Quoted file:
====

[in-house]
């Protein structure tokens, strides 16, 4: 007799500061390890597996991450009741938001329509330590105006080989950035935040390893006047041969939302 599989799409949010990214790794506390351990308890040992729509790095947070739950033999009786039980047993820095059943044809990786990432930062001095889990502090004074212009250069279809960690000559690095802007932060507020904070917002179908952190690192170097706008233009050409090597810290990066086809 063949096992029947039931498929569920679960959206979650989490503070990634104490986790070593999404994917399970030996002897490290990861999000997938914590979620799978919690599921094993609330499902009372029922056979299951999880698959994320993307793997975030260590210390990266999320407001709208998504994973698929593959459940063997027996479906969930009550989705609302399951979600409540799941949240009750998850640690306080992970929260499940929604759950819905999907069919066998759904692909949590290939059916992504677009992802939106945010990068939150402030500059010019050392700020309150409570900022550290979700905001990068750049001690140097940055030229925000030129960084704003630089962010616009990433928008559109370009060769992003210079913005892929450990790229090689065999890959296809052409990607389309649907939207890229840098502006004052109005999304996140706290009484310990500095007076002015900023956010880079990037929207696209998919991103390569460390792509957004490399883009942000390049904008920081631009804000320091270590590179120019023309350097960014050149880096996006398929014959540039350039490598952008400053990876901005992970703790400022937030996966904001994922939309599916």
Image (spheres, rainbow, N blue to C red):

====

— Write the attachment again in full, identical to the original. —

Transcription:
[in-house]
């Protein structure tokens, strides 16, 4: 007799500061390890597996991450009741938001329509330590105006080989950035935040390893006047041969939302 599989799409949010990214790794506390351990308890040992729509790095947070739950033999009786039980047993820095059943044809990786990432930062001095889990502090004074212009250069279809960690000559690095802007932060507020904070917002179908952190690192170097706008233009050409090597810290990066086809 063949096992029947039931498929569920679960959206979650989490503070990634104490986790070593999404994917399970030996002897490290990861999000997938914590979620799978919690599921094993609330499902009372029922056979299951999880698959994320993307793997975030260590210390990266999320407001709208998504994973698929593959459940063997027996479906969930009550989705609302399951979600409540799941949240009750998850640690306080992970929260499940929604759950819905999907069919066998759904692909949590290939059916992504677009992802939106945010990068939150402030500059010019050392700020309150409570900022550290979700905001990068750049001690140097940055030229925000030129960084704003630089962010616009990433928008559109370009060769992003210079913005892929450990790229090689065999890959296809052409990607389309649907939207890229840098502006004052109005999304996140706290009484310990500095007076002015900023956010880079990037929207696209998919991103390569460390792509957004490399883009942000390049904008920081631009804000320091270590590179120019023309350097960014050149880096996006398929014959540039350039490598952008400053990876901005992970703790400022937030996966904001994922939309599916």
Image (spheres, rainbow, N blue to C red):